12. [Laparoscopic treatment of gastro-esophageal reflux by fundoplication].

    Science.gov (United States)

    Hidraoui, Khalid; Chehab, Farid; Khaiz, Driss; Lakhloufi, Ali; Bouzidi, Abdelmjid

    2003-05-01

    The aim of this retrospective study was to evaluate the results of the laparoscopic fundoplication for gastroesophageal reflux disease. From January 1997 to February 2001, we performed 8 laparoscopic fundoplication. They are 5 men and 3 women with mean age of 45 [30-67 years]. The delay of apparition the symptoms varied from 6 months to 14 years. Seven patients had a heart burn. The preoperative evaluation included endoscopy, gastrointestinal contrast radiography, 24 hour pH monitoring and esophageal manometry. The surgical procedures were partial fundoplication (Toupet) in 7 cases and complete fundoplication (Nissen) in 1 case. There was no postoperative mortality. Two patients had a postoperative dysphagia. Two patients had persistent epigastric pain without gastroesophageal reflux in endoscopy and esophageal manometry. Laparoscopic fundoplication for treatment of gastroesophageal reflux disease is a safe and effective procedure with satisfying results.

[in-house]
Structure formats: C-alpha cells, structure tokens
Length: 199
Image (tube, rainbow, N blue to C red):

13. Gastroesophageal pressure gradients in gastroesophageal reflux disease: relations with hiatal hernia, body mass index, and esophageal acid exposure

    NARCIS (Netherlands)

    de Vries, Durk R.; van Herwaarden, Margot A.; Smout, André J. P. M.; Samsom, Melvin

    2008-01-01

    OBJECTIVES: The roles of intragastric pressure (IGP), intraesophageal pressure (IEP), gastroesophageal pressure gradient (GEPG), and body mass index (BMI) in the pathophysiology of gastroesophageal reflux disease (GERD) and hiatal hernia (HH) are only partly understood. METHODS: In total, 149 GERD

  14. Clinical and radiological characteristic of the gastroesophageal reflux disease in children

    International Nuclear Information System (INIS)

    Brankov, O.; Racheva, G.; Totev, M.; Antonova, D.

    2007-01-01

    Gastroesophageal reflux (GER) in children is a normal physiologic process that can progress to gastroesophageal reflux disease (GERD) when pathologic symptoms and complications appear. The pathogenesis of GER is related to a decrease pressure and transient relaxations of the lower esophageal sphincter, which is the most important factors contributing to reflux. If the history and physical examination reveal concerns of GERD further evaluation is necessary: esophageal pH monitoring, endoscopy, barium swallowing. The gold standard for the diagnosis of GERD is the 24-hour pH probe. Barium contrast radiography is useful to detect anatomic abnormalities, such as gaped cardia, reflux of contrast material, hiatal hernia, esophageal stricture and shortened esophagus. When compared to esophageal pH monitoring, the upper Gl series is less sensitive and specific for the diagnosis of GER, but is helpful as widely used first-step diagnosis in cases with symptomatic GERD. (authors)

  15. ANTISECRETORY TREATMENT FOR PEDIATRIC GASTROESOPHAGEAL REFLUX DISEASE - A SYSTEMATIC REVIEW

    Directory of Open Access Journals (Sweden)

    Ângelo Zambam de MATTOS

    2017-09-01